Again, within the same paragraph: “There’s no content for my playstyle. Well, there is, but the other stuff is better. You know it, I know it, Blizzard knows it, so it just doesn’t exist for me.” This is a far more important lesson to learn than what he is actually saying. As long as there is content percieved as “better”, players won’t settle for what they can easily achieve through their own devices. They will resent not being able to get The Best.

And again:

Warcraft\’e2\’80\rdblquote maybe accidentally\’e2\’80\rdblquote hit upon this concept, and now seems spit on it and all those who appreciate it. If a Blizzard developer read this, his PR department would say they are not spitting on this play-style, but unfortunately the game design speaks louder than words. “Spit on” is exactly how I feel. But far worse is the idea that millions of children are learning that doing things on your own is bad. Albert Einstein accomplished far more in the field of physics by himself during off-time as a patent clerk than a 40-man raid of so-so physicists ever would. I want little Johnny in Idaho to learn that lesson, but he sure won’t find it in World of Warcraft. 40 mundane people with a lot of time would put Albert Einstein to shame any day of the week in this game.

Little Johnny in Idaho may be learning bad lessons, but the lesson Little Scott in Virginia is learning is that as long as 40 man raids exist, there will be people who wish they didn’t have to do them – but still want the rewards that were crafted to reward the combined efforts of 40 people. This is important: rewards for the effort of 1 person isn’t good enough. As long as better exists, that will be the baseline. “Why can’t I get the same stuff as the 40 people working together. I’m smart! I should be able to get the same stuff! Or stuff just as good. It had better be just as good, too, or else it may as well not exist.”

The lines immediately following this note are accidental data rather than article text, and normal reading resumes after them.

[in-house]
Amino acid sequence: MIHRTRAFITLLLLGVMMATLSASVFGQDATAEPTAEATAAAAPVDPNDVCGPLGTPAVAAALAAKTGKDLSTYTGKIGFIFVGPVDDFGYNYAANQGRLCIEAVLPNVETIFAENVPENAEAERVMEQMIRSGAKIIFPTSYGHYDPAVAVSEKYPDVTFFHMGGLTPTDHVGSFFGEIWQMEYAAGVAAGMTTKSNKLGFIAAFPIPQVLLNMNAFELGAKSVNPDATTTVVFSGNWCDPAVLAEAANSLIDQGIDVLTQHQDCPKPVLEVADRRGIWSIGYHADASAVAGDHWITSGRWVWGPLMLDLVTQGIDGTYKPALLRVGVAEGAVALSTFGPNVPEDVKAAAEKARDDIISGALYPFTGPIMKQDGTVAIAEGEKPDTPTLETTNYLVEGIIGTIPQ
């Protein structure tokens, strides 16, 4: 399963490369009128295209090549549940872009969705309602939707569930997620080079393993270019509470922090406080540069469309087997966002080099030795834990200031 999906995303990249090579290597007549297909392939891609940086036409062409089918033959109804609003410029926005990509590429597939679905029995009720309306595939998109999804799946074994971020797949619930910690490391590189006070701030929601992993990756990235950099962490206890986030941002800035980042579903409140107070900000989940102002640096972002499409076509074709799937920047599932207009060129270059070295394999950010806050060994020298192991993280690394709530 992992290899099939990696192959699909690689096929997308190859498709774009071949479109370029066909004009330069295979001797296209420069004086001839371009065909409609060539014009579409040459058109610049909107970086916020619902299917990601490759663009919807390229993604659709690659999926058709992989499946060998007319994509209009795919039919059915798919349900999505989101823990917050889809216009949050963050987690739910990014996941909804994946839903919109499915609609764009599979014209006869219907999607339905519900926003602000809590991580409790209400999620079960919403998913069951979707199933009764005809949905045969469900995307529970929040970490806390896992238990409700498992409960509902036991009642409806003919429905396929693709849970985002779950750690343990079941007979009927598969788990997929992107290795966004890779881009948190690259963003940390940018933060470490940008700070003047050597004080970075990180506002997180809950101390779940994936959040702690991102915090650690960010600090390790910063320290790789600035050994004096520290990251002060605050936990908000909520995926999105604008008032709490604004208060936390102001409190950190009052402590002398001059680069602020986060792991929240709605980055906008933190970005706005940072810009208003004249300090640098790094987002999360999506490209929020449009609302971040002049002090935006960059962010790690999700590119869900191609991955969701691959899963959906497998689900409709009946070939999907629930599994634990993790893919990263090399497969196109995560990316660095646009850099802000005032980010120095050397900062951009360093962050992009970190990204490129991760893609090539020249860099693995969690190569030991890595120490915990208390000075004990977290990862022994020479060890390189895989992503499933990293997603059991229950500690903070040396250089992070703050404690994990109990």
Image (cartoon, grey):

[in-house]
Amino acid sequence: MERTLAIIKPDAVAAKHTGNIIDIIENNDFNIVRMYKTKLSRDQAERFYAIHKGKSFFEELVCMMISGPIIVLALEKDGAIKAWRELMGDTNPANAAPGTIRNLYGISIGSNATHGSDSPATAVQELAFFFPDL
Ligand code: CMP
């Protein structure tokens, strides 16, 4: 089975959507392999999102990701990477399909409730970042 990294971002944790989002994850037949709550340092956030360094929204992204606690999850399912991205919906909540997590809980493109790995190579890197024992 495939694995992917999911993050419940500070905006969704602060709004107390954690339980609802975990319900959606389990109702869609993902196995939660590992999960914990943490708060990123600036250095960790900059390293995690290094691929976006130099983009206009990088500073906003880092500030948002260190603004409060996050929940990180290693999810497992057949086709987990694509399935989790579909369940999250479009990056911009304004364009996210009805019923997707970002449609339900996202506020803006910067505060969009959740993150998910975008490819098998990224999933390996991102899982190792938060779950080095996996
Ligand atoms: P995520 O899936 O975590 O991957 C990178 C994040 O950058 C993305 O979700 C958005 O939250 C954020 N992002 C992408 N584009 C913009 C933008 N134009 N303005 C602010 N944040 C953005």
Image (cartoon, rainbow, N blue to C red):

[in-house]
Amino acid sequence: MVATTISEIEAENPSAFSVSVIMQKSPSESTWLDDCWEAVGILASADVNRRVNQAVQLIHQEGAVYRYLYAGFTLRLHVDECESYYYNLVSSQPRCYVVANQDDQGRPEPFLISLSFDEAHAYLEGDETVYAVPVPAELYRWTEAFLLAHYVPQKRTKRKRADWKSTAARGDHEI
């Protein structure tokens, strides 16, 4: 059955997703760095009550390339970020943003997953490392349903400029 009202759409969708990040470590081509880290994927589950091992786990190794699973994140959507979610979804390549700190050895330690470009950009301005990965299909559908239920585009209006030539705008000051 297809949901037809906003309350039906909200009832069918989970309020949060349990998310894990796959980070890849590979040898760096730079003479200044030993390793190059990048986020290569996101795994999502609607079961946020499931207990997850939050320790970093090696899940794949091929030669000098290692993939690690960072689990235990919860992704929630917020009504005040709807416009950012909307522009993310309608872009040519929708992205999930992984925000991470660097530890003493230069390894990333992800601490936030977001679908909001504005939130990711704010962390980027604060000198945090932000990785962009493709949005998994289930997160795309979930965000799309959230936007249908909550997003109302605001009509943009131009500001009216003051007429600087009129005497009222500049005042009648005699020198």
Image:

The author also dislikes one of the primary pillars of community in an MMO:

You’re either with a guild, or you’re nobody to them. I can’t imagine being in only one IRC (chat) channel at a time, or choosing only one gaming community, yet I can only join one guild at a time. It’s a very weird social environment with the same dangers as nationalism and flag-waving.

I wonder if the author has settled on one family yet.

Seriously, this part kind of strikes at the core of community building. Like attracts like. We join guilds that have people that we get along with. If we don’t, we don’t last particularly long. If we do, we form bonds of friendship that persist beyond the game itself. This is a pretty key part of what makes the community behind MMOs tick, and the author’s rejection of these out of hand makes me wonder what sort of enforced guild grouping he felt he had to endure to get Those Shiny Things Only 40 Man Raids Give You. If you’re detecting a theme, congratulations!

And finally, the author decides that rules are bad.

The very idea of using the terms of service as the de facto way to enforce a certain player-behavior goes against everything I’ve learned. A game should be a system of rules that allow the player to explore. If the player finds loopholes, then the game developer should fix them. It’s never, ever the player’s fault: it’s the game developer’s fault. People who currently make deals with enemy faction (Horde or Alliance ) to trade wins in battleground games are not really at fault. They are playing in a system that forces anyone who wants to be rank 14 to do exactly that. A line in the Terms of Service saying that you shouldn’t behave this way changes nothing, and teaches nothing.